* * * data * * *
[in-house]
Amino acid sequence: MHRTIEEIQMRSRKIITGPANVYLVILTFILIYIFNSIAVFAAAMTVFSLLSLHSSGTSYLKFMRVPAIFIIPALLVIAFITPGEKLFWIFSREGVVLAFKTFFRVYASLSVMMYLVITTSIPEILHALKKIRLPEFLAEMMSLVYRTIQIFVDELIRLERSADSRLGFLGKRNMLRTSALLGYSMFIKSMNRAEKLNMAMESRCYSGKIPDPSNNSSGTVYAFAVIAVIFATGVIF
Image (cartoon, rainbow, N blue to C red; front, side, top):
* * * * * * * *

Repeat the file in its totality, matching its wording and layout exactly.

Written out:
[in-house]
Amino acid sequence: MHRTIEEIQMRSRKIITGPANVYLVILTFILIYIFNSIAVFAAAMTVFSLLSLHSSGTSYLKFMRVPAIFIIPALLVIAFITPGEKLFWIFSREGVVLAFKTFFRVYASLSVMMYLVITTSIPEILHALKKIRLPEFLAEMMSLVYRTIQIFVDELIRLERSADSRLGFLGKRNMLRTSALLGYSMFIKSMNRAEKLNMAMESRCYSGKIPDPSNNSSGTVYAFAVIAVIFATGVIF
Image (cartoon, rainbow, N blue to C red; front, side, top):